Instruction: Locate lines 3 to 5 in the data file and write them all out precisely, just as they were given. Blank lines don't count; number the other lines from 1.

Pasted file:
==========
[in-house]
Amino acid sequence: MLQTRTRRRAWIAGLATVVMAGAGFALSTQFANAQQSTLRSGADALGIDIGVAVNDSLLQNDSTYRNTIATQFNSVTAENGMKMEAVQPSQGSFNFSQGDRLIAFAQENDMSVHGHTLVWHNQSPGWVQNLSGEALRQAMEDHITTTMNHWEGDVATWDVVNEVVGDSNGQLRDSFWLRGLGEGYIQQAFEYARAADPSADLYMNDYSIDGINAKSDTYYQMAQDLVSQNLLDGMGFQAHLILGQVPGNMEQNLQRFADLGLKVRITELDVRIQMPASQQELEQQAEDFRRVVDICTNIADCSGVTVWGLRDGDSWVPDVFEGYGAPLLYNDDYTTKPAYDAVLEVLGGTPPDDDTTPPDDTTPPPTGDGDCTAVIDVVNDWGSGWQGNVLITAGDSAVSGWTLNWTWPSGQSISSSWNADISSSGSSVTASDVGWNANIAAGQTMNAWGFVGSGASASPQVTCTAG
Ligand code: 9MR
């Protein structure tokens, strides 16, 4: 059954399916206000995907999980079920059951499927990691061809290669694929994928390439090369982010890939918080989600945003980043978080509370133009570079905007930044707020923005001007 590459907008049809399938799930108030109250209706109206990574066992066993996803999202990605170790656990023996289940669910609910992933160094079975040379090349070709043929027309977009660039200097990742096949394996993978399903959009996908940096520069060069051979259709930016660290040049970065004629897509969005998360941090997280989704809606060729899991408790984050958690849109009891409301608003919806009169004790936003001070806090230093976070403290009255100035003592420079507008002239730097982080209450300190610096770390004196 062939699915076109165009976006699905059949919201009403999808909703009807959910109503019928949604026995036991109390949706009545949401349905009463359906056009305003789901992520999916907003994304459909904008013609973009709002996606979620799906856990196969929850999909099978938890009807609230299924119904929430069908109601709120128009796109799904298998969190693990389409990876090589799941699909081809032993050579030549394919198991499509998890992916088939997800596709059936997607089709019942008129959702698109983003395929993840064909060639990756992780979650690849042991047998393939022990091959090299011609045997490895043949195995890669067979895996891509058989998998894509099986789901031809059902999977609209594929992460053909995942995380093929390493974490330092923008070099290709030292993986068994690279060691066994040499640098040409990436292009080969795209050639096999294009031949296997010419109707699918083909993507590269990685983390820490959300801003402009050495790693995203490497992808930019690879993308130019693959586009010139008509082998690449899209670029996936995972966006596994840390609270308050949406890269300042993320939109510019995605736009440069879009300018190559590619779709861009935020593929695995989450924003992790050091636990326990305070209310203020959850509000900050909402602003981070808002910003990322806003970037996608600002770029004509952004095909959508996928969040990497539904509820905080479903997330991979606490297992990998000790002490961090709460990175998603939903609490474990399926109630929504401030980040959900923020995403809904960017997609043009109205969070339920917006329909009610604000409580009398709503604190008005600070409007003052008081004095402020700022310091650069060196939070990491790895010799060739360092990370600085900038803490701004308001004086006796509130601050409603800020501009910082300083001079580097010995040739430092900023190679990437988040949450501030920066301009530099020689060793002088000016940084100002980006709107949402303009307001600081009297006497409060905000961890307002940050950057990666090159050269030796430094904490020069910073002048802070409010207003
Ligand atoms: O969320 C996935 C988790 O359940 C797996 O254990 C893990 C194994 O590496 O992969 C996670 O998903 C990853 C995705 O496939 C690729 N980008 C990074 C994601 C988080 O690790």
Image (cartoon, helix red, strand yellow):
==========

Ligand code: 9MR
């Protein structure tokens, strides 16, 4: 059954399916206000995907999980079920059951499927990691061809290669694929994928390439090369982010890939918080989600945003980043978080509370133009570079905007930044707020923005001007 590459907008049809399938799930108030109250209706109206990574066992066993996803999202990605170790656990023996289940669910609910992933160094079975040379090349070709043929027309977009660039200097990742096949394996993978399903959009996908940096520069060069051979259709930016660290040049970065004629897509969005998360941090997280989704809606060729899991408790984050958690849109009891409301608003919806009169004790936003001070806090230093976070403290009255100035003592420079507008002239730097982080209450300190610096770390004196 062939699915076109165009976006699905059949919201009403999808909703009807959910109503019928949604026995036991109390949706009545949401349905009463359906056009305003789901992520999916907003994304459909904008013609973009709002996606979620799906856990196969929850999909099978938890009807609230299924119904929430069908109601709120128009796109799904298998969190693990389409990876090589799941699909081809032993050579030549394919198991499509998890992916088939997800596709059936997607089709019942008129959702698109983003395929993840064909060639990756992780979650690849042991047998393939022990091959090299011609045997490895043949195995890669067979895996891509058989998998894509099986789901031809059902999977609209594929992460053909995942995380093929390493974490330092923008070099290709030292993986068994690279060691066994040499640098040409990436292009080969795209050639096999294009031949296997010419109707699918083909993507590269990685983390820490959300801003402009050495790693995203490497992808930019690879993308130019693959586009010139008509082998690449899209670029996936995972966006596994840390609270308050949406890269300042993320939109510019995605736009440069879009300018190559590619779709861009935020593929695995989450924003992790050091636990326990305070209310203020959850509000900050909402602003981070808002910003990322806003970037996608600002770029004509952004095909959508996928969040990497539904509820905080479903997330991979606490297992990998000790002490961090709460990175998603939903609490474990399926109630929504401030980040959900923020995403809904960017997609043009109205969070339920917006329909009610604000409580009398709503604190008005600070409007003052008081004095402020700022310091650069060196939070990491790895010799060739360092990370600085900038803490701004308001004086006796509130601050409603800020501009910082300083001079580097010995040739430092900023190679990437988040949450501030920066301009530099020689060793002088000016940084100002980006709107949402303009307001600081009297006497409060905000961890307002940050950057990666090159050269030796430094904490020069910073002048802070409010207003
Ligand atoms: O969320 C996935 C988790 O359940 C797996 O254990 C893990 C194994 O590496 O992969 C996670 O998903 C990853 C995705 O496939 C690729 N980008 C990074 C994601 C988080 O690790």